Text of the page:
HEADLINES

Four Sillimanians to join Ayala Leaders Congress

Francis Ryan Pabiana | News Writer

PHOTO FROM ALFROQUE’S FB

Four students from Silliman University (SU)  are among  80 participants to the 20th Ayala Young Leaders Congress (AYLC), a national leadership congress for student leaders.

Adrian Jay Alforque, Carlisle Naudyn Caroro, Alberto De Castro and Reine Marguerite Limpao from SU made it to the final list of students who are qualified to join AYLC on February, out of 350 applicants from all over the Philippines.

AYLC is described by its organizers as a “student leadership summit for national development through youth leaders, participated by the 80 outstanding student leaders selected from colleges and universities across the country.”

Alforque, a psychology major, said, “In engaging in youth empowerment programs like the AYLC, more and more young leaders will be able to harness their capabilities in service to their own communities and our motherland.”

The four-day youth congress includes talks, panel discussions, outdoor activities and workshops that are focused on leadership and “making a difference in the country.”

The discussions aim “to make leaders from government, civil society, business, the arts, media and entertainment share their leadership stories and experiences to build a community with initiative and teamwork.”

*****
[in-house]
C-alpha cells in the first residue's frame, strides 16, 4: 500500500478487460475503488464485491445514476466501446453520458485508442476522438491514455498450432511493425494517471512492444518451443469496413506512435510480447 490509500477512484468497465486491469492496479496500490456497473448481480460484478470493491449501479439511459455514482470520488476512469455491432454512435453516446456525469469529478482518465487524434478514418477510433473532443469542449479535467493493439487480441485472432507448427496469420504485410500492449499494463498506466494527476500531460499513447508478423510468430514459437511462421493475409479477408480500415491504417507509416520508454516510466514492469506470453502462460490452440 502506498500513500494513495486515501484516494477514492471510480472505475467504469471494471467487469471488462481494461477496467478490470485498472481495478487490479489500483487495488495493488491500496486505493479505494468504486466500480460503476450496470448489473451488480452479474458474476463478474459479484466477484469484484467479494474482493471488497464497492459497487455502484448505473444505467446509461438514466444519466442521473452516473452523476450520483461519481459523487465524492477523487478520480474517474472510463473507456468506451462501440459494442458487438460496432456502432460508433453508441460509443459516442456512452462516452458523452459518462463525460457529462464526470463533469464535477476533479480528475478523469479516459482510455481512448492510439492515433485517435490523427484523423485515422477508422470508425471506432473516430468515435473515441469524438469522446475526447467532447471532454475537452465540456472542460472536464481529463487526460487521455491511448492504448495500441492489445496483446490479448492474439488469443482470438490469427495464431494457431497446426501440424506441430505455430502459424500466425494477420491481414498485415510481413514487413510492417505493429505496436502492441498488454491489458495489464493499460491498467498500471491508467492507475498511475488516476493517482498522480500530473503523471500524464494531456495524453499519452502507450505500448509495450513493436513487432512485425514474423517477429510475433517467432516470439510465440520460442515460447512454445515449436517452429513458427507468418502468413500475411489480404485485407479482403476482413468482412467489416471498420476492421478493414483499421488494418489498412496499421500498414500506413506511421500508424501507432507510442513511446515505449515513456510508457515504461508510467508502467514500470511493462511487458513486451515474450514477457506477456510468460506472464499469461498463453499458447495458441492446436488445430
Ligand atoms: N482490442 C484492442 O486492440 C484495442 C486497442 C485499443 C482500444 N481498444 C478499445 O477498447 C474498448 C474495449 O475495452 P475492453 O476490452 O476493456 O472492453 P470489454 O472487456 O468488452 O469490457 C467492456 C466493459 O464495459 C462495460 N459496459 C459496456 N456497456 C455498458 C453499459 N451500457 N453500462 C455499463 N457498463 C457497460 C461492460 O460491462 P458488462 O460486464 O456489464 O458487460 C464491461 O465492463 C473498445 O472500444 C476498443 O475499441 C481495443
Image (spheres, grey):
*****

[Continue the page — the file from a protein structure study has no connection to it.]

A heart of passion and mission is her contribution to AYLC, said  Caroro, a BS Political Science student.

“I had no other prayer to God but for Him to carry me to places He dreams for me. Applying for AYLC felt more of a great step of faith because of uncertainty… I remain steadfast in prayer that only God’s plan, for me and for all of us, be done,” she said.

The finalists went through the selection process including a panel interview with Ayala Corporation executives. Their academic performance and community leadership experience were also considered in the selection.

De Castro, a management major, said  the program would aid his advocacy in helping communities grow through social entrepreneurship.

Limpao, also a management major, said  he would share things he learned from AYLC to empower and motivate youth to get involved in their communities and put their own advocacy into action.

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